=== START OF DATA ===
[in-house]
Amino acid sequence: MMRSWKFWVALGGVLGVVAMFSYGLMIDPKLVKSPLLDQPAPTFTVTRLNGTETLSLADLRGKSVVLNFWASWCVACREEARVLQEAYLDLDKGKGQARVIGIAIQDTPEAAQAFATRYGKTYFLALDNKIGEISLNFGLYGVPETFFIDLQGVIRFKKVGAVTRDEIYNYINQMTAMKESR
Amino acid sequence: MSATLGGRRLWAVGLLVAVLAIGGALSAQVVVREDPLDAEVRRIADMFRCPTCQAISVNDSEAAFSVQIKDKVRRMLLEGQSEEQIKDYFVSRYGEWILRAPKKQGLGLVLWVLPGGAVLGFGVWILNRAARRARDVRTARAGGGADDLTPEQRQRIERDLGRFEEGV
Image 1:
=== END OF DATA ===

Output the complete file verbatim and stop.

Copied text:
[in-house]
Amino acid sequence: MMRSWKFWVALGGVLGVVAMFSYGLMIDPKLVKSPLLDQPAPTFTVTRLNGTETLSLADLRGKSVVLNFWASWCVACREEARVLQEAYLDLDKGKGQARVIGIAIQDTPEAAQAFATRYGKTYFLALDNKIGEISLNFGLYGVPETFFIDLQGVIRFKKVGAVTRDEIYNYINQMTAMKESR
Amino acid sequence: MSATLGGRRLWAVGLLVAVLAIGGALSAQVVVREDPLDAEVRRIADMFRCPTCQAISVNDSEAAFSVQIKDKVRRMLLEGQSEEQIKDYFVSRYGEWILRAPKKQGLGLVLWVLPGGAVLGFGVWILNRAARRARDVRTARAGGGADDLTPEQRQRIERDLGRFEEGV
Image 1: